Introducing September’s Guest Editor: Katie Piper

A special issue from the presenter who underwent pioneering facial reconstruction after surviving an acid attack.

By Justin Quirk
photographs by Dan Kennedy
Published 15 Aug 2018, 08:45 BST
Katie Piper started her foundation a year after surviving a 2008 sulphuric acid attack. She will ...
Katie Piper started her foundation a year after surviving a 2008 sulphuric acid attack. She will soon open a residential burn and scar rehabilitation centre.
Photograph by Dan Kennedy

“When your appearance is drastically transformed in an instant, it’s life-changing.” So begins Katie Piper’s opening letter in the new National Geographic, a special issue guest edited by the philanthropist, television presenter and former model. Piper’s own experience of being attacked with acid and then undergoing pioneering surgery to reconstruct her face and restore her vision has defined not just her work, but her entire approach to life. “It can be an isolating experience,” she writes. “You feel one way on the inside but look completely different on the outside.”

Piper writes about the complex procedures she underwent, involving dermal substitutes, sheets of collagen and elastin, and skin grafts from other parts of her body. These were techniques developed only three years earlier, but these themselves may be superseded with the advance of stem cell research – a field which holds the possibility that scientists may in time be able to grow replacement skin and regenerate cells for any part of the human body.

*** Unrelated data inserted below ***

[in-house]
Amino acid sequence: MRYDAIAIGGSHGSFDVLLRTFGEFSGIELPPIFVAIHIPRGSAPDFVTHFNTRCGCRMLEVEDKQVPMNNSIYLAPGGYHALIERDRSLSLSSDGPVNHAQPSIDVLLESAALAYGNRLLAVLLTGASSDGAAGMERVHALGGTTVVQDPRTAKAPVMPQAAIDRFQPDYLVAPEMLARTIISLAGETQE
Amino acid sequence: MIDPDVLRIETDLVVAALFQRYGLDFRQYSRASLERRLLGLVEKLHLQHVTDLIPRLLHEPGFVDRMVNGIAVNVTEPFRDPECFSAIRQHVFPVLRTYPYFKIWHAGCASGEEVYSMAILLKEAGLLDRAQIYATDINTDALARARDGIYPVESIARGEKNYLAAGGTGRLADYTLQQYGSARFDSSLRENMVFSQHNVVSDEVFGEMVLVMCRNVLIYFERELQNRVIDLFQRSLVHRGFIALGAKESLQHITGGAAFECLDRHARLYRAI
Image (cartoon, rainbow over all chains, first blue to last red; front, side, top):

However, as Piper writes, the physical reconstruction of a person is only one part of the story–there are also psychological and post-traumatic issues that need to be addressed, with patients requiring ongoing therapeutic support. With this in mind, she established the Katie Piper Foundation.

Now more than 200 surgeries into her recovery, Piper takes a long view of what she has been through, and the issues it led her to cover while editing this issue of National Geographic. “I’ve accepted that my old face is gone. I’ve realised that recovery takes a long time and that not every operation will go to plan. My perception of beauty has changed over the years, and it’s no longer focused on aesthetics.”

The September 2018 issue of National Geographic magazine, is on sale from 5th September.


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